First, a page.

Eventually, many of us will need to help our aging parents and loved ones with their finances. So, when the time comes, here are some tips to help you handle the subject with sensitivity, respect, and competence.

1. Schedule a meeting to see an estate planning attorney with the parent(s). If you are going to take over parts of a parent’s financial life, having a power of attorney in place will allow you to enact decisions and handle transactions. This is also a good opportunity to review beneficiary designations and make sure all accounts and assets are titled appropriately.

2. Talk to aging parents about their goals and wishes. The more you know now, the more confidence you will have when decisions need to be made in the future. Ask about final wishes and preferences on continuing care facilities.

3. Research and note the location of all assets and important documents. This can include safe deposit box, home safe combination, electronic logins, and estate planning documents. Also consider conducting a credit check and review the unclaimed property data base. Michigan’s can be found here: https://unclaimedproperty.michigan.gov/

4. Be transparent with family members. Talking about money can be taboo and some family members may push to delay the conversation. If this happens, consider corresponding via email or written communication.  Keep any of your siblings in the loop to avoid potential issues in the future.

5. Organize tax documents, monthly income, and accounts. Coordinate with the current tax preparer to understand which documents may be required for subsequent tax filings. A good tax preparer should inquire about missing documents if they have been provided in the past. Having monthly income and expenses organized will allow you to understand if there will be a deficit and if additional withdrawals from a portfolio will be needed.

6. Consolidate and simplify accounts. Over time many of us will accumulate different banking or brokerage relationships. Consolidating these into one bank and/or one brokerage firm will allow for ease of tracking with less room for error on titling or beneficiary designations.  Consider giving siblings online access to the accounts so they understand the finances.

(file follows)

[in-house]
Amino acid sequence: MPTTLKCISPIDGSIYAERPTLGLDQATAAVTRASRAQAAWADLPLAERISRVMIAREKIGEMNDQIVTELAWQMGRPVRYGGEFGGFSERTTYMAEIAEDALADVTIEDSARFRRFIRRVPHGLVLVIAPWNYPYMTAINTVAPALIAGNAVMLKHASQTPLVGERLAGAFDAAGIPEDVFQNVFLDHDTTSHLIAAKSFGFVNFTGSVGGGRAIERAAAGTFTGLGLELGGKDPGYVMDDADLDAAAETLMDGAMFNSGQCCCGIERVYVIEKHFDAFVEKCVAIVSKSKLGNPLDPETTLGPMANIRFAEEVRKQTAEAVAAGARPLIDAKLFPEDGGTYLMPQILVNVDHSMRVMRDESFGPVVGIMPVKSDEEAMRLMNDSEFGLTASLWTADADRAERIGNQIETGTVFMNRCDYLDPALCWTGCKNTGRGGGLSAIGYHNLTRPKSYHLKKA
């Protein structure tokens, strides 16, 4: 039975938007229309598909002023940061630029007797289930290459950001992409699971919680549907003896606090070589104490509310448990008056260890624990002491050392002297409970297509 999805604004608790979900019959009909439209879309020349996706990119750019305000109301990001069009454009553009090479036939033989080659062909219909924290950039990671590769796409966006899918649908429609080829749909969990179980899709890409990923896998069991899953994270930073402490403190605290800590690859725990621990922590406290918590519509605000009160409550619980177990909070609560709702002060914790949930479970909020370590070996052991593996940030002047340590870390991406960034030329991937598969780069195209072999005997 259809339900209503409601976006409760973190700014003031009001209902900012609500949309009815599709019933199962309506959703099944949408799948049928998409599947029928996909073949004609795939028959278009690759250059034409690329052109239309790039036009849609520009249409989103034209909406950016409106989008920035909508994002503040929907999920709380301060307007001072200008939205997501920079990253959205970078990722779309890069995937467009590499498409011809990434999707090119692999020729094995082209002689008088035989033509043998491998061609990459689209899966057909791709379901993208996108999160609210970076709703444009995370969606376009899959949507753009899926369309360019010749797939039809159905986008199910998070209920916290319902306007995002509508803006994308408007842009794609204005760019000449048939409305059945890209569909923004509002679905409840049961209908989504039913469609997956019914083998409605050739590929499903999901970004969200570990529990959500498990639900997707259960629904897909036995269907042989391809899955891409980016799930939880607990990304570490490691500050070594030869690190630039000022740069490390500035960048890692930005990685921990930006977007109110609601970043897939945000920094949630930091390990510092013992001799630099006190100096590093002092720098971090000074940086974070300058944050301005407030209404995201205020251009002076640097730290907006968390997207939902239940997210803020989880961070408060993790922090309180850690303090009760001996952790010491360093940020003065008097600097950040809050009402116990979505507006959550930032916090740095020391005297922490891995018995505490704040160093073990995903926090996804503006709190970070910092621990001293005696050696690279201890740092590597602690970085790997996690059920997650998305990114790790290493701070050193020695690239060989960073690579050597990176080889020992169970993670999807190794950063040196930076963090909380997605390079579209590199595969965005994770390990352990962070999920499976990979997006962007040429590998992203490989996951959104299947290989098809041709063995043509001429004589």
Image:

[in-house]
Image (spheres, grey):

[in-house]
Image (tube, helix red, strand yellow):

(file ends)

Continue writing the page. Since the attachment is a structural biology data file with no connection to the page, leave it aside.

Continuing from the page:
7. Consider family heirlooms or a family cottage that you may want to transfer to specific individuals. Plan now for how the larger or sentimental items may transfer and communicate the plan to all stakeholders. A parent may be surprised that no one wants to maintain a family cottage and it could be worth selling sooner to help pay for care and reduce expenses.

8. Monitor finances for unusual spending. We have all heard of scams that target the elderly and it’s important to have a second set of eyes on a bank account periodically. Consider limiting the amount of readily available spending money and reduce the number of credit cards.

9. Set up the ability to pay bills on your parent’s behalf. Many bills can be set up for autopay which can make life much easier. Consider instituting autopay on many of the bills to make management more straight forward.

10. Do not try to do it all yourself. Managing your own finances can be difficult enough. Managing someone else’s finances can be even harder. Talk to a professional that has guided other families through similar generational transitions.

The decision to transfer control of finances is not easy, nor is it straight forward. Taking steps to prepare now and gradually transferring responsibility can help make the task achievable. If you would like to discuss how a financial planner can help, please feel free to contact us or schedule a meeting online.